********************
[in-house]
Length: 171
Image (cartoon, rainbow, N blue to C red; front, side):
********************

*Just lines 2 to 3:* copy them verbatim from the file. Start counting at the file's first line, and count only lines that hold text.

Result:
Length: 171
Image (cartoon, rainbow, N blue to C red; front, side):